Raise X or Raise X()?

MRAB python at mrabarnett.plus.com
Mon Mar 12 03:26:03 CET 2012


On 11/03/2012 23:59, Steven D'Aprano wrote:
> On Sun, 11 Mar 2012 12:04:55 -0700, bvdp wrote:
>
>>  Which is preferred in a raise: X or X()?
>
> Both.
>
> Always use raise "X(*args)" when you need to provide arguments (which you
> should always do for exceptions meant for the caller to see). The form
> "raise X, args" should be considered discouraged, and in fact is gone in
> Python 3.x.
>
> Purely internal exceptions (which you raise and catch yourself) don't
> need arguments, so there is no difference between the two forms:
> "raise X" is exactly equivalent to "raise X()" with no arguments. Use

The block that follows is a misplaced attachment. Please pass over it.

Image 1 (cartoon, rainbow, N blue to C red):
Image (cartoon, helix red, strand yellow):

> whichever takes your fancy.
>
> Personally, I used "raise X" to mean "this doesn't need arguments and
> should never have any" and "raise X()" to mean "this needs arguments but
> I'm too lazy to provide them right now". Think of it as a FIXME.
>
As some do need arguments, I'd do the opposite; no parentheses would
mean "I haven't finished yet". :-)



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